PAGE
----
Five Factors – Iowa

Courtesy: saturdaytradition.com

Fourth quarter frustration and third down deficiencies again highlighted weaknesses in the Indiana football team.

But an unproductive passing game, a positive for much of the year with Sudfeld, proved to be just as problematic for the Hoosiers.

It may have been unrealistic to expect Indiana to pull off the upset.  But it was a game IU was fully capable of winning.  However, they were once again unable to capitalize.

Explosiveness

isoPPP Explosive % Yards/play
INDIANA 1.1 13% 5.4
IOWA 1.2 13% 6.2

Indiana’s longest play was a 37 yard Jordan Howard touchdown run. The next longest was his 29 yard touchdown run.  Overall, there have been much more explosive games during the Kevin Wilson era.  Just 3 passing plays went for 20+ yards, although the Hoosiers did have 7 rushes of 10+ yards.

Iowa got things going on their first drive with a 65 yard touchdown run by Akrum Wadley.  The Hawkeyes had 4 passes of 20+ and 6 rushes of 10+.  Other than the first Iowa touchdown, neither team had an explosiveness advantage.  If anything, Indiana did more of their big plays on the ground and Iowa had a few extra through the air.

Efficiency

All (close) Rushing (close) Passing (close)
INDIANA 43% 49% 38%
IOWA 51% 51% 52%

Unsurprisingly the biggest difference here was in the passing game.  C.J. Beathard completed 61% of his passes while Nate Sudfeld was at just 43%.[ref]In general, completion rates and success rates should be pretty similar.  An incompletion is always unsuccessful while most completions are successful.  The only time that isn’t true is if you have a QB throwing a lot of passing at or near the line of scrimmage.  In that case, even a completion could reflect an unsuccessful play if it goes for little or no yards.[/ref]  Beathard had 3 more completions than Sudfeld on 6 fewer pass attempts.  For Indiana, it was a combination of bad passes by Sudfeld and drops by receivers and tight ends on good passes.  Simmie Cobbs had a 25% catch rate. Mitchell Paige was at 40%.  Anthony Corsaro was at 20%.  All were well below their season averages of 59%, 72%, and 50%, respectively.

Both ground games performed pretty similarly.  Interestingly, Indiana’s defense performed well against the run on first down holding Iowa to a 37% success rate.  But the D couldn’t make enough plays to get off the field as the Hawkeyes improved to a combined 59% success rate on 2nd and 3rd downs.  On the IU side, Jordan Howard was successful on 64% of his runs compared to 33% for Redding and 0% for Majette.

Finally, 3rd downs reared their ugly head again.  Iowa was 7 for 14 on conversions, but the really deflating ones were the 3rd and 9 in the 2nd quarter and the 3rd and 11 and 3rd and 10 in the 4th.  Iowa would go on to score a touchdown on each of those 3 drives.  Think about how different the game would be if Indiana could have found a way to make 1 or 2 of those stops.  The 2nd quarter one would have resulted in a field goal instead of a touchdown, but the latter 2 would have forced a punt.  It’s great that the defense gets to 3rd and long, but at some point they need to finish.  A microcosm of the Indiana team as a whole, I suppose.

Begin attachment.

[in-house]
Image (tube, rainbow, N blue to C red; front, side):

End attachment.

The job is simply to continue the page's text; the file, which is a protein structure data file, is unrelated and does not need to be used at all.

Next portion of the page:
Field Position

Avg Starting FP
INDIANA 26
IOWA 27

No advantage here for either team.  The interception by Desmond King didn’t result in great field position for Iowa.  Indiana had the only punt return for either team, and it was only for 5 yards.  Neither team did any damage on kickoff returns.

Finishing Drives

Scoring Opportunities* Points Per Opportunity
INDIANA 5 5.4
IOWA 6 5.8

At some point, if Indiana is going to win, the Hoosiers need to take full advantage of the scoring opportunities when they become available.  The defense isn’t at a point to where the offense will have a huge scoring opportunity advantage.  As a result, IU must make the most of what is available.  In this one, it was the 2 field goals.  Both were probably the correct call to kick it, but sometimes that isn’t enough.  The first field goal came after a failed 3rd and 4 from the Iowa 15.  Coming off the initial Iowa TD, it was important to follow their drive with points.

The 2nd came with Indiana having a 1st and 10 from the Iowa 12.  An incomplete pass to Jones, 2 yard Majette run, and another incompletion to Cobbs, and Indiana opted for a field goal, rather than go for it on 4th and 8.  The Hoosiers ran 16 plays on the drive, only to settle for a field goal.  Yes, it brought IU to within 1 point, but against a tough Iowa team you hate to just get 3.  Especially after moving it 80 yards on the drive.

Turnovers

Turnovers Turnover Points Added
INDIANA 1 0
IOWA 0 1.4

Desmond King added his FBS leading 8th interception on the day when he picked off a Nate Sudfeld pass intended for Mitchell Paige.  It wasn’t too costly in terms of field position, but for Indiana it started to put the dagger in.  If Sudfeld doesn’t toss an interception and Indiana ended up with a touchdown on the drive, then the game could have been a lot more interesting at the end.  As it turned out, the defense forced a 3-and-out and the offense scored a touchdown on their next drive.  But with the failed onside recovery, it proved to be too little, too late.

Having said that, Indiana really needed the defense to come up with 1 or 2 turnovers in this one.  Turnovers helped fuel wins against Florida International, Western Kentucky, and Wake Forest.  In a game that Indiana was the underdog, some big plays by the defense were necessary.  They didn’t come and on a day that the offense really had difficulty, Indiana was unable to pull off the upset.

Billy